6.2 Perfect Authentic and Half Cadences in Parallel Interrupted Periods

The Dallas Symphony Orchestra in 2015. Jaap van Sweden, Music Director

The two phrases above, from Beethoven's Symphony No. 9, Movement 4, begin identically but end differently. The first phrase begins on I, as expected, but ends with V, unlike previous phrases on these pages. The anticipation that this dominant creates--that it will eventually move to I--is satisfied only after a half-note pause in the melody and a repetition of the first part of the first phrase. When the second phrase finally does end with V -I, the anticipation set up at the end of the previous phrase is satisfied.

The pause on V at the end of phrase 1 is called an interruption of the Fundamental Harmonic Progression I - V - I. The interruption is notated below the staff in reference to the harmonies with a double slash (//). There is also a melodic interruption at the end of phrase 1: the pause and repetition interrupt the common large-scale melodic movement from scale degrees 3 (at the beginning) to 2 (end of phrase 1) to 1 (end of excerpt). So another double slash appears above the staffs at the end of phrase 1 in reference to the melody. To summarize, this example demonstrates an interruption and restart which have expanded a single phrase of music into two.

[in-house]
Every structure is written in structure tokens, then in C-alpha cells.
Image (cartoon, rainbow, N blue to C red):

Some definitions will help explain the relationships between pairs of phrases such as the one above:
  • A cadence is the last chord or chords of a phrase. Five kinds of cadences will be presented in this chapter, two of which are in the example above and defined below. When comparing cadences, those which sound more conclusive are called stronger and those which sound less conclusive are called weaker.
    • A perfect authentic cadence (PAC) ends V(7) - I with the tonic as the last note in the top voice. The end of the second phrase above is a perfect authentic cadence. This is the cadence which has been used in all 4-part examples and dictations thus far. It is the strongest of the five cadences and is by far the most common ending for a piece of music.
    • A half cadence (HC) ends on V. The first phrase above ends with a half cadence.

  • A period is a pair of phrases in which the second cadence is stronger than the first. This relationship between the two cadences makes the phrases sound like a unit. All the music in the illustration above forms a period.
    • The antecedent is the first phrase of a period. Sometimes it is compared to a question in a conversational question and answer, and sometimes, when the antecedent ends with the dominant, its cadence sounds like an interruption.
    • The consequent is the second phrase of a period. It is sometimes thought of as an answering phrase. Its cadence must be more conclusive than the antecedent's cadence.
    • A parallel period is a period in which both phrases begin the same or very similarly. The music at the top of the page is a parallel period.
    • A contrasting period is a period in which the two phrases are different. See examples on page 6.4.

The video to the left shows a parallel period with a half cadence (HC) and a perfect authentic cadence (PAC).

The following excerpt from the overture to Tchaikovsky's Nutcracker Suite also is a parallel period with half and perfect authentic cadences.

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